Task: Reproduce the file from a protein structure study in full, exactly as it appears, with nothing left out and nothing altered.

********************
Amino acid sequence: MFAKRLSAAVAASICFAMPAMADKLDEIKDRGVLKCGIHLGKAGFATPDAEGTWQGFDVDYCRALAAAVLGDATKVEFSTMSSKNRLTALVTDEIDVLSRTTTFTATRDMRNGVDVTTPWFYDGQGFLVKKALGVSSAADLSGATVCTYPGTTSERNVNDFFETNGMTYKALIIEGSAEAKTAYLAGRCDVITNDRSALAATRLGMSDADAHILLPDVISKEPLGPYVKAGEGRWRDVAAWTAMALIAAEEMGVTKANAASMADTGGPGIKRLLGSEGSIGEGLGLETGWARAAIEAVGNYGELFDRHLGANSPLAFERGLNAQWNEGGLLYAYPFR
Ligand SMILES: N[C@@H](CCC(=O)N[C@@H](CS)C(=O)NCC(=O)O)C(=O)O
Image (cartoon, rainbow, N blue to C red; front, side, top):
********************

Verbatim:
Amino acid sequence: MFAKRLSAAVAASICFAMPAMADKLDEIKDRGVLKCGIHLGKAGFATPDAEGTWQGFDVDYCRALAAAVLGDATKVEFSTMSSKNRLTALVTDEIDVLSRTTTFTATRDMRNGVDVTTPWFYDGQGFLVKKALGVSSAADLSGATVCTYPGTTSERNVNDFFETNGMTYKALIIEGSAEAKTAYLAGRCDVITNDRSALAATRLGMSDADAHILLPDVISKEPLGPYVKAGEGRWRDVAAWTAMALIAAEEMGVTKANAASMADTGGPGIKRLLGSEGSIGEGLGLETGWARAAIEAVGNYGELFDRHLGANSPLAFERGLNAQWNEGGLLYAYPFR
Ligand SMILES: N[C@@H](CCC(=O)N[C@@H](CS)C(=O)NCC(=O)O)C(=O)O
Image (cartoon, rainbow, N blue to C red; front, side, top):